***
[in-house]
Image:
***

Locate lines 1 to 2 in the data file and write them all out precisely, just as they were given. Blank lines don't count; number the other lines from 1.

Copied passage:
[in-house]
Image: